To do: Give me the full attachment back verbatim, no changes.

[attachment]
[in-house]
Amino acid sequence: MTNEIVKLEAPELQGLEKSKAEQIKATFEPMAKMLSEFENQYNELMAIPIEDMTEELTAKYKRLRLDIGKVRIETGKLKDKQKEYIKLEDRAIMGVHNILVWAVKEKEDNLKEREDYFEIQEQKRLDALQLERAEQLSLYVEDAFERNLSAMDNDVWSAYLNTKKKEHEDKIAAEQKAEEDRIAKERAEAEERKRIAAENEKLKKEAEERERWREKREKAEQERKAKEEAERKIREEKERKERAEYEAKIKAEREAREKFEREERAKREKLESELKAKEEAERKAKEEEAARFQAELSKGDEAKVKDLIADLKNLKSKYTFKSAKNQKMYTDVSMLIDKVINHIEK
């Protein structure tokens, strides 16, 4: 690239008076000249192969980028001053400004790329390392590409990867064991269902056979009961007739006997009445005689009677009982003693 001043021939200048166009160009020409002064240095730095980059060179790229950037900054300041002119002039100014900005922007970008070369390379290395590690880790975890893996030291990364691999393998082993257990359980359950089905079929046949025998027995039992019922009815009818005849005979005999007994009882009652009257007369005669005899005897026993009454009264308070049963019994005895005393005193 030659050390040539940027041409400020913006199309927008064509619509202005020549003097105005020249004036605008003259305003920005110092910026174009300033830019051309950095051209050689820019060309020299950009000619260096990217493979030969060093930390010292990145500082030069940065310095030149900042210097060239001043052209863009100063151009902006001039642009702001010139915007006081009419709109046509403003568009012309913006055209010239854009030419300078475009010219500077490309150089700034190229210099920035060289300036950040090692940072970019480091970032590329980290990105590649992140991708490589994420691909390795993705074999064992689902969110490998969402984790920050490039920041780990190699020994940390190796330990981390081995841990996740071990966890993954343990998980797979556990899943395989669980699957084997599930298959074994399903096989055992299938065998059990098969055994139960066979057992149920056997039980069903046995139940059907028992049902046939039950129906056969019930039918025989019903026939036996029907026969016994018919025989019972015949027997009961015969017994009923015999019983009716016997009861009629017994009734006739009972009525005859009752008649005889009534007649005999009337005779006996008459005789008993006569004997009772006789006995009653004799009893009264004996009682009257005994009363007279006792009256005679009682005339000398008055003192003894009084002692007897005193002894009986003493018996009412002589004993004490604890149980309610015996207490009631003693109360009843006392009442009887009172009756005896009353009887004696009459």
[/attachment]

[in-house]
Amino acid sequence: MTNEIVKLEAPELQGLEKSKAEQIKATFEPMAKMLSEFENQYNELMAIPIEDMTEELTAKYKRLRLDIGKVRIETGKLKDKQKEYIKLEDRAIMGVHNILVWAVKEKEDNLKEREDYFEIQEQKRLDALQLERAEQLSLYVEDAFERNLSAMDNDVWSAYLNTKKKEHEDKIAAEQKAEEDRIAKERAEAEERKRIAAENEKLKKEAEERERWREKREKAEQERKAKEEAERKIREEKERKERAEYEAKIKAEREAREKFEREERAKREKLESELKAKEEAERKAKEEEAARFQAELSKGDEAKVKDLIADLKNLKSKYTFKSAKNQKMYTDVSMLIDKVINHIEK
């Protein structure tokens, strides 16, 4: 690239008076000249192969980028001053400004790329390392590409990867064991269902056979009961007739006997009445005689009677009982003693 001043021939200048166009160009020409002064240095730095980059060179790229950037900054300041002119002039100014900005922007970008070369390379290395590690880790975890893996030291990364691999393998082993257990359980359950089905079929046949025998027995039992019922009815009818005849005979005999007994009882009652009257007369005669005899005897026993009454009264308070049963019994005895005393005193 030659050390040539940027041409400020913006199309927008064509619509202005020549003097105005020249004036605008003259305003920005110092910026174009300033830019051309950095051209050689820019060309020299950009000619260096990217493979030969060093930390010292990145500082030069940065310095030149900042210097060239001043052209863009100063151009902006001039642009702001010139915007006081009419709109046509403003568009012309913006055209010239854009030419300078475009010219500077490309150089700034190229210099920035060289300036950040090692940072970019480091970032590329980290990105590649992140991708490589994420691909390795993705074999064992689902969110490998969402984790920050490039920041780990190699020994940390190796330990981390081995841990996740071990966890993954343990998980797979556990899943395989669980699957084997599930298959074994399903096989055992299938065998059990098969055994139960066979057992149920056997039980069903046995139940059907028992049902046939039950129906056969019930039918025989019903026939036996029907026969016994018919025989019972015949027997009961015969017994009923015999019983009716016997009861009629017994009734006739009972009525005859009752008649005889009534007649005999009337005779006996008459005789008993006569004997009772006789006995009653004799009893009264004996009682009257005994009363007279006792009256005679009682005339000398008055003192003894009084002692007897005193002894009986003493018996009412002589004993004490604890149980309610015996207490009631003693109360009843006392009442009887009172009756005896009353009887004696009459």